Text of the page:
The Covid-19 pandemic has accelerated the uptake in digital payments across the Middle East, with digital wallets and contactless payment methods set to dominate and shape how transactions take place in the future, according to McKinsey.
More than three quarters of Middle East respondents to a survey by the global consultancy estimate that their use of digital payment modes has increased by about 10 per cent across the region due to the Covid-19 pandemic. The majority of them expect this shift to be permanent.
About 90 per cent of those surveyed believe that at least half of new users will stick with digital payments and not revert to cash in the post-pandemic era.
“Even before the pandemic, digital payments were growing rapidly … [the] impressive growth rates have been boosted further by the pandemic,” said McKinsey.
The number of consumer digital payments transactions in the UAE grew at an annual rate of more than 9 per cent between 2014 and 2019, compared with Europe’s average annual growth of 4 to 5 per cent, according to the consultancy's estimates. Card payments in Saudi Arabia's the Arab world's largest economy, surged more than 70 per cent between February 2019 and January 2020.
“The Middle East payments market has recently expanded to include FinTechs, tech companies and telecoms companies alongside incumbent banks … a shift enabled by regulatory changes such as those introduced in Saudi Arabia in late 2019 and the UAE in 2021,” McKinsey said.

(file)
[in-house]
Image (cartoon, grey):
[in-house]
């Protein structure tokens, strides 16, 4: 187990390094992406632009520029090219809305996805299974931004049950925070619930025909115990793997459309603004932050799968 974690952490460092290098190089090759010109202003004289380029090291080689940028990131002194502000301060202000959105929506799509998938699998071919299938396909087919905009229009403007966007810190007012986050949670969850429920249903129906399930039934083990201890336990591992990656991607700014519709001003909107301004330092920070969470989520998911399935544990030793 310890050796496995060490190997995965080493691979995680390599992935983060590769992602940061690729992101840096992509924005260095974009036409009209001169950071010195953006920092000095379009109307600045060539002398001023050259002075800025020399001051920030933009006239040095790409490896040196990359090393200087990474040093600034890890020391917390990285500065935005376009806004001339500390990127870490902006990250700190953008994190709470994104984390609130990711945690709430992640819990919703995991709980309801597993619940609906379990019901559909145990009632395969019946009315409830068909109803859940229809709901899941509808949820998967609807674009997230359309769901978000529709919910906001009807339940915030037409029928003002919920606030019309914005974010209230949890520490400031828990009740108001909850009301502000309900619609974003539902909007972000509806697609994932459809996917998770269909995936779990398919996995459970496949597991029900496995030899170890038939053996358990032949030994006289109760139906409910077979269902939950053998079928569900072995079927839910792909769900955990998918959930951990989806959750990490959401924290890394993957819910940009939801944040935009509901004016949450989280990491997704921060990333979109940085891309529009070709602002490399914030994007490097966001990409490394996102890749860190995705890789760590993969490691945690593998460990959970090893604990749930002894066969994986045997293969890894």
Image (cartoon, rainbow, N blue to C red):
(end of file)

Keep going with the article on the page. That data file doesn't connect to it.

More than half of those polled also expect strong growth in non-cash payments over the next five years and the flight from cash is evident not only in the growth of digital payments, but also in consumer preferences.
About 58 per cent of Middle East respondents expressed an inclination towards digital payment methods while only 10 per cent said they prefer cash.
Almost 60 per cent of survey participants said they expect pass-through digital wallets, or e-wallets, to be the most influential digital payment method.
McKinsey’s survey also found that non-bank entities are poised to capture market share.
When McKinsey asked survey respondents which institutions would have the greatest effect on the future of payments, about 40 per cent ranked banks or bank-backed wallets as number one, while nearly 30 per cent went for telecoms-backed wallets and 17 per cent backed big technology companies.
More than four in 10 respondents expect over half of all small and medium-sized merchants to start selling online in the next five years. However, changes in the regulatory environment may be needed to fuel wider adoption of digital payments by merchants, the report said.
Open banking, a regulatory reform that requires banks to share customers’ financial data – with their consent – with other banks or authorised financial services providers, is now under way in several Middle Eastern countries.
Bahrain issued open-banking rules in 2018, followed by a framework with guidelines on data sharing and management late last year. Saudi Arabia also plans to launch open banking early next year.
“These reforms are expected to have broad ramifications for the payments business,” the report said.
When respondents were asked what government action would be most effective in driving customers towards digital payments, 27 per cent said regulatory approval for open banking, while 20 per cent backed incentives to drive the shift to digital payments.
Cross-border payments are important in the Middle East, with two of the world’s three largest remittance corridors in the UAE and Saudi Arabia, McKinsey said.
The two countries handled $78 billion in payments last year, equal to 7 per cent of their combined gross domestic product, according to the World Bank.
Two thirds of McKinsey survey respondents said arrangements between countries for real-time settlements and the scaling up of digital money transfer operators will be key drivers in cross-border transactions.